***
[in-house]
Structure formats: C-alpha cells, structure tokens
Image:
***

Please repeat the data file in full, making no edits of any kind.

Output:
[in-house]
Structure formats: C-alpha cells, structure tokens
Image: